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Apple iPhone Pro production shortfall estimated at 6 million units amid China tumult

An Apple logo adorns the facade of an Apple store in Brooklyn, N.Y.
Apple’s iPhone 14 Pro and Pro Max devices are the company’s most in-demand handsets this year and have picked up the slack for slumping demand for regular iPhone 14 models.
(Kathy Willens / Associated Press)
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Turmoil at Apple’s key manufacturing hub of Zhengzhou, China, is likely to result in a production shortfall of close to 6 million iPhone Pro units this year, according to a person familiar with assembly operations.

The situation remains fluid at the plant and the estimate of lost production could change, the person said, asking not to be named discussing private information. Much will depend on how quickly Foxconn Technology Group, the Taiwanese company that operates the facility, can get people back to assembly lines after violent protests against COVID-19 restrictions. If lockdowns continue in the weeks ahead, production could be further set back.

Apple’s shares fell 2.6% to $144.22 in New York on Monday, marking the biggest one-day drop in more than two weeks. They have declined 17% so far this year.

The Zhengzhou campus has been racked by lockdowns and worker unrest for weeks after COVID infections left Foxconn and the local government struggling to contain the outbreak. Thousands of staff fled in October after chronic food shortages, only to be replaced by new employees who rebelled against pay and quarantine practices.

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The Foxconn facility produces the vast majority of iPhone 14 Pro and Pro Max devices, Apple’s most in-demand handsets this year. Those premium phones have picked up the slack for slumping demand for the regular iPhone 14 models. Apple lowered its overall production target to about 87 million units from an earlier projection of 90 million units, Bloomberg News reported.

Apple and Foxconn increased their estimates of the Zhengzhou shortfall over the last two weeks because of growing disruptions, said the person, adding that they expect to be able to make up the 6 million units in lost output in 2023.

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“It demonstrates that everyone, even Apple, is susceptible to supply chain constraints in China due to COVID,” said Anshel Sag of Moor Insights & Strategy.

The deficit, a significant shortfall for an operation that cranks out tens of millions of iPhones ahead of the peak holiday season, ranks among the more bearish of analysts’ expectations. Morgan Stanley analysts earlier this month also estimated the iPhone Pro model shortfall at about 6 million units this year, though that was before the outbreak of violence in Zhengzhou last week.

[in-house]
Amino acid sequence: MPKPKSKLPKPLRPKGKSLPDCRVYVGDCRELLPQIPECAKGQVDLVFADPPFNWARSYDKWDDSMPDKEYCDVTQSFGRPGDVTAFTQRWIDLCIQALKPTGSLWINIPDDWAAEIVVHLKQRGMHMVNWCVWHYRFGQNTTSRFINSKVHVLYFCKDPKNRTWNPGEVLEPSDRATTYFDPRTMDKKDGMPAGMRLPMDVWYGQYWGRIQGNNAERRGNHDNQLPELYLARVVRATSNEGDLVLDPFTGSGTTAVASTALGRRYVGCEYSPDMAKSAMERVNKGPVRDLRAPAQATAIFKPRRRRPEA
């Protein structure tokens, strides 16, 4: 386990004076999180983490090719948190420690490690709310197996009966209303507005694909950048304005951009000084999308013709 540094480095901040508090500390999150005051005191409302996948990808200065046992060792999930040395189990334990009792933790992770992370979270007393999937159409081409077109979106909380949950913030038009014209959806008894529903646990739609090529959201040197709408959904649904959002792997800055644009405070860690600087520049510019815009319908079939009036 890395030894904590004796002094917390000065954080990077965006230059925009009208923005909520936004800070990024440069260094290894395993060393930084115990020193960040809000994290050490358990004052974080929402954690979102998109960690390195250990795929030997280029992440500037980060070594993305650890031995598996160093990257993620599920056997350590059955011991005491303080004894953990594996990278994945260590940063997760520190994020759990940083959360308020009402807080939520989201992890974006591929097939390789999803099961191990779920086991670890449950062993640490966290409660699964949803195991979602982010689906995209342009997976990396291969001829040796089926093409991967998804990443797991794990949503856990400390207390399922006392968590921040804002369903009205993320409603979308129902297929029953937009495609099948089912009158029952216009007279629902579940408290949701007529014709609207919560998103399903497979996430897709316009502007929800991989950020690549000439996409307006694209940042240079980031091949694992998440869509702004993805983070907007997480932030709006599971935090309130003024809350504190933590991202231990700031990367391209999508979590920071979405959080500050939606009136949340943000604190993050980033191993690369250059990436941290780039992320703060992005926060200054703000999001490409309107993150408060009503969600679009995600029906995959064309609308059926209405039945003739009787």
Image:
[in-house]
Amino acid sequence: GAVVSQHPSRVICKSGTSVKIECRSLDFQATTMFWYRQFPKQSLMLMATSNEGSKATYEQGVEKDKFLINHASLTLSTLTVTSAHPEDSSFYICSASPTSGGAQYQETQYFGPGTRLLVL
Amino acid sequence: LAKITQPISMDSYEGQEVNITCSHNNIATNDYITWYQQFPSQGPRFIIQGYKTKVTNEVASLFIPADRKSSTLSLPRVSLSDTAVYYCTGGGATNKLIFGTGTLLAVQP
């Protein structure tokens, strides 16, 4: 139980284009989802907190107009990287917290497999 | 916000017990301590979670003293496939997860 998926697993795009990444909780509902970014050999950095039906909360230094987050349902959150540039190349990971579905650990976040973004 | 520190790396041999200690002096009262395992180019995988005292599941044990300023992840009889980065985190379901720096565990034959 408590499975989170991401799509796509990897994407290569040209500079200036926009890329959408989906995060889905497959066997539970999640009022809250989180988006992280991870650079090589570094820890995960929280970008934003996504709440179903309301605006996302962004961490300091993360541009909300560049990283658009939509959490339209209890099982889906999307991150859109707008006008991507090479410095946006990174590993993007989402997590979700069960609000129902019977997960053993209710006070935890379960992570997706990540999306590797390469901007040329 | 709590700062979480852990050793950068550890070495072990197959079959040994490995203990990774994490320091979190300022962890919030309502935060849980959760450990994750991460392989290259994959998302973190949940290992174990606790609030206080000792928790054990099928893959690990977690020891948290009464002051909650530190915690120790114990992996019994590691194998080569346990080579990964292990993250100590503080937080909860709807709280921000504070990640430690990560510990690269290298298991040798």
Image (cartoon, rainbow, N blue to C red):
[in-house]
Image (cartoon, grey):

Apple and Foxconn didn’t immediately respond to requests for comment.

The tumult in iPhone City, as the Zhengzhou complex is known, is a stark reminder of the risks for Apple’s vast supply chain in China. Foxconn endeavored to quell protests — largely driven by new hires arriving at Zhengzhou and rejecting onerous COVID controls — by offering a bonus to any workers choosing to return home. Over the weekend, it added a bonus of as much as $1,800 per month for full-time employees staying at the factory through December and January.

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The highly visible and unusual protests in Zhengzhou aggravated an already challenging business environment. The enormous complex hosts as many as 200,000 workers during peak iPhone production season. More than 20,000 new hires are reported to have left after the protests.

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The departure of new workers is less of a factor in production than the quarantines imposed on existing employees because of their experience and skill, another person familiar with assembly operations said. Foxconn is actively recruiting additional employees, with help from government officials. The Taiwanese company, China’s largest private-sector employer, has years of experience hiring assembly personnel by the tens of thousands, particularly during peak season.

Apple and Foxconn, also known as Hon Hai Precision Industry Co., said earlier this month, without providing specifics, that shipments of its newest premium iPhones will be lower than previously expected because of China’s lockdowns.

Morgan Stanley’s analysts also worked through a worst-case scenario for Apple and Foxconn, in which the Zhengzhou facility couldn’t ship any iPhones for the rest of the year. That would result in a 20% shortfall in expected sales for Hon Hai in the current quarter, analysts led by Sharon Shih wrote in the research note Nov. 7.

Amir Anvarzadeh, an analyst with Asymmetric Advisors, said it can’t be helped that Apple and Foxconn will take a hit from China’s COVID policies. The situation is likely to encourage them to seek out alternative manufacturing locations, such as India and Vietnam, he said.

“It will force Apple to accelerate the diversification of its production base,” he said.

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